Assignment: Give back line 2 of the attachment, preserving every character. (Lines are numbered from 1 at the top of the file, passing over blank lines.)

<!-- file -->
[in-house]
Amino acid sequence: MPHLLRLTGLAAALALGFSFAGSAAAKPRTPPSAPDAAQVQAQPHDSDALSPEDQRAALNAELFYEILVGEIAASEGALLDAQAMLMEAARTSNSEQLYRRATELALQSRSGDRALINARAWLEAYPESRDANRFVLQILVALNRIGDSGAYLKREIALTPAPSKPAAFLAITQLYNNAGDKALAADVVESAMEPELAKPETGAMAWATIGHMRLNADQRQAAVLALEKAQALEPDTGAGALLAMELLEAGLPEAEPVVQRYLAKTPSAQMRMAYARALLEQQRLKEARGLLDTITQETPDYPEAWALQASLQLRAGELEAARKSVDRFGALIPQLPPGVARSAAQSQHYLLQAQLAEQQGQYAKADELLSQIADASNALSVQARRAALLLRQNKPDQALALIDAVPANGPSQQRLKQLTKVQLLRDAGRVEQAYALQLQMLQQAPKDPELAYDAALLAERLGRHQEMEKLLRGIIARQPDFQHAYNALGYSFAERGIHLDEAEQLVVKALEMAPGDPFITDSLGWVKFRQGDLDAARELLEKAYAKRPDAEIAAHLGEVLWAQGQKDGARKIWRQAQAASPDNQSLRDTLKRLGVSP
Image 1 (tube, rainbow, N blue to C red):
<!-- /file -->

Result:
Amino acid sequence: MPHLLRLTGLAAALALGFSFAGSAAAKPRTPPSAPDAAQVQAQPHDSDALSPEDQRAALNAELFYEILVGEIAASEGALLDAQAMLMEAARTSNSEQLYRRATELALQSRSGDRALINARAWLEAYPESRDANRFVLQILVALNRIGDSGAYLKREIALTPAPSKPAAFLAITQLYNNAGDKALAADVVESAMEPELAKPETGAMAWATIGHMRLNADQRQAAVLALEKAQALEPDTGAGALLAMELLEAGLPEAEPVVQRYLAKTPSAQMRMAYARALLEQQRLKEARGLLDTITQETPDYPEAWALQASLQLRAGELEAARKSVDRFGALIPQLPPGVARSAAQSQHYLLQAQLAEQQGQYAKADELLSQIADASNALSVQARRAALLLRQNKPDQALALIDAVPANGPSQQRLKQLTKVQLLRDAGRVEQAYALQLQMLQQAPKDPELAYDAALLAERLGRHQEMEKLLRGIIARQPDFQHAYNALGYSFAERGIHLDEAEQLVVKALEMAPGDPFITDSLGWVKFRQGDLDAARELLEKAYAKRPDAEIAAHLGEVLWAQGQKDGARKIWRQAQAASPDNQSLRDTLKRLGVSP